High, glorious God, enlighten the darkness of my heart, and give me
right faith, certain hope, and perfect charity, wisdom and
understanding, Lord, that I may carry out your holy and true
St. Francis' Prayer to Discern
said before the San Damiano Crucifix
What is Spiritual Direction?
Spiritual direction is an interpersonal relationship in which one
person helps another to reflect on his, or her, experiences in light
of the Gospel and Christian wisdom. Through this process individuals
are led and encouraged to discover their unique call in life.
What is the Role of a Spiritual Director?
A spiritual director is one who willingly walks this faith journey
with another. A spiritual director listens, encourages, challenges and
prays with the individual who freely shares the movements of the Spirit
in his life.
Not everyone is in need of spiritual direction in every phase of
life. But it is a helpful means of discernment, especially when an
individual is seeking to discover the will of God in his life. A time of
special direction may be when a person is searching to discover how to
live out his, or her, Christian call to service.
How do I find a Spiritual Director?
Though spiritual direction can and does occur within every community
in the Church, it is not always easy to find a spiritual director. Here
are some general hints:
- Talk to your parish priest. He could give you the names of qualified
priests, religious, or lay people in the diocese whom you could contact.
- Retreat centers, college Newman Centers, and ministries to young
adults are primary places to receive support and a list of individuals
engaged in spiritual direction.
- Offices of continuing education for priests, deacon formation
programs, seminaries, and renewal centers for religious may offer
What should I look for in Spiritual Direction?
A spiritual director can help you to be more aware of and respond to
God's revelation as you experience it effectively – that is, in your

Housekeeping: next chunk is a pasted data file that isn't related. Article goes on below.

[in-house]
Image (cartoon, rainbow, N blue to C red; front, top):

emotions, not just in your mind. Thus, spiritual direction deals not
only with the intellect, but the heart as well. In this sense, it is
concerned with the whole person.
A spiritual director can help you express your struggles, pain, joys
and gratitude, and to share these with God; to notice God's presence in
your life and your prayers; to savor, relive, and respond to your
experience of God; and finally, to notice interior changes and the
effects these changes have on your relationships and your life. Such a
task is not easy, even though God is present and active in spiritual
direction and, indeed, is the primary spiritual director.
What should my relationship be with my Director?
For you to share openly about intimate relationships such as those
you have with the people and the God you love, you must have a solid
relationship with your spiritual director. The following five qualities
can help you to solidify that relationship:
- Companionship. You meet your spiritual director as a companion,
not as a teacher, a master, or a problem-solver. As a midwife
facilitates the birth of a child, so a spiritual director accompanies
you in the growth of your relationship with God.
- Empathy. As a companion, a spiritual director relates to you with
empathy. In fact, authors on spiritual direction speak of "deep
empathy." By this they mean the spiritual director engages
wholeheartedly in your experience, striving to enter your world as if it
is his or her own.
This empathetic presence means the director allows your struggles,
joys, hopes, and experiences of God to touch him or her effectively. To
do that, among other things, a spiritual director listens actively with
compassion, not passively with detachment.
- Care. A good spiritual director cares for you deeply and shows it.
The director's love, as God's love, can heal. Almost always such caring
will free you to share your spiritual life more openly, for the
director's care evokes trust and confidence from you. From the beginning
you need to have the feeling that your director considers what you are
sharing to be precious and sacred. As your meetings continue, the
feeling of love and reverence should deepen.